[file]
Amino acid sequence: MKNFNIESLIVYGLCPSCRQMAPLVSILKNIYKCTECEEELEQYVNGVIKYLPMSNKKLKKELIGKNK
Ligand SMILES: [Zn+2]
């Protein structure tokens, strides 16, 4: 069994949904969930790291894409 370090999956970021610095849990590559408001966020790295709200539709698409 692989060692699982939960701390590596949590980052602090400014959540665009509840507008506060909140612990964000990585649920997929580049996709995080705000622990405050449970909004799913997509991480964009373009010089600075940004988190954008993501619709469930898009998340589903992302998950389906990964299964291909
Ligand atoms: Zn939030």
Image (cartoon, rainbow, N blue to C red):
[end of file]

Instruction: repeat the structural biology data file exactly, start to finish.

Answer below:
Amino acid sequence: MKNFNIESLIVYGLCPSCRQMAPLVSILKNIYKCTECEEELEQYVNGVIKYLPMSNKKLKKELIGKNK
Ligand SMILES: [Zn+2]
């Protein structure tokens, strides 16, 4: 069994949904969930790291894409 370090999956970021610095849990590559408001966020790295709200539709698409 692989060692699982939960701390590596949590980052602090400014959540665009509840507008506060909140612990964000990585649920997929580049996709995080705000622990405050449970909004799913997509991480964009373009010089600075940004988190954008993501619709469930898009998340589903992302998950389906990964299964291909
Ligand atoms: Zn939030």
Image (cartoon, rainbow, N blue to C red):